Updated: 3:32 p.m. ET Aug. 30, 2005
As children throughout the country head back to school, many of them are probably muttering a few choice words about the prospect of returning to the classroom and the expected onslaught of homework. But can they utter those choice words and swear at their teachers? If they’re heading back to school in one town in England, then yes, they can.
According to a report in the U.K.’s Daily Mail, one school in the town of Wellingborough is allowing pupils to swear at teachers, providing they only do so no more than five times in a class. A tally of how many times the f-word is used will be kept and if the class exceeds the limit, they will be “spoken” to, the newspaper reported.
The school believes the policy will improve behavior, but parents and parliamentary members have condemned the rule and warned it would backfire.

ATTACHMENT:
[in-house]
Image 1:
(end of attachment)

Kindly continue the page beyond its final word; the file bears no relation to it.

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According to the Daily Mail, assistant headmaster Richard White said the policy was aimed at 15- and 16-year-olds in two classes which are considered troublesome.
"Within each lesson the teacher will initially tolerate (although not condone) the use of the f-word (or derivatives) five times and these will be tallied on the board so all students can see the running score," the Daily Mail quoted White as writing in a letter. "Over this number the class will be spoken to by the teacher at the end of the lesson."
According to the report, headmaster Alan Large said he had received no complaints about the policy.
But Conservative member of parliament Ann Widdecombe said the policy was based on “Alice in Wonderland reasoning,” the Daily Mail reported. “What next? Do we allow people to speed five times or burgle five times? You don't improve something by allowing it, you improve something by discouraging it,” Widdecombe was quoted as saying.
The newspaper also reported that the 1,130-pupil school plans to send “praise postcards” to the parents of children who do not swear and who turn up on time for lessons.